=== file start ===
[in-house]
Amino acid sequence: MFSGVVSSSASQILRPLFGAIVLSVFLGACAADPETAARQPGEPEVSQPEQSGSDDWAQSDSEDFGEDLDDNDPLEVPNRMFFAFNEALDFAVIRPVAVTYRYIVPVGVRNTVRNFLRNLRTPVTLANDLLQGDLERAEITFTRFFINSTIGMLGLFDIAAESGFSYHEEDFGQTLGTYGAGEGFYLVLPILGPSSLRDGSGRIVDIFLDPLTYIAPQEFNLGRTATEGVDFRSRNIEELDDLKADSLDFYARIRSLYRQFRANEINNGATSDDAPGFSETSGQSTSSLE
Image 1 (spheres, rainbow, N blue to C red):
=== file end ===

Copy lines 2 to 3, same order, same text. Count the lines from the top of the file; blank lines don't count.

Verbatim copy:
Amino acid sequence: MFSGVVSSSASQILRPLFGAIVLSVFLGACAADPETAARQPGEPEVSQPEQSGSDDWAQSDSEDFGEDLDDNDPLEVPNRMFFAFNEALDFAVIRPVAVTYRYIVPVGVRNTVRNFLRNLRTPVTLANDLLQGDLERAEITFTRFFINSTIGMLGLFDIAAESGFSYHEEDFGQTLGTYGAGEGFYLVLPILGPSSLRDGSGRIVDIFLDPLTYIAPQEFNLGRTATEGVDFRSRNIEELDDLKADSLDFYARIRSLYRQFRANEINNGATSDDAPGFSETSGQSTSSLE
Image 1 (spheres, rainbow, N blue to C red):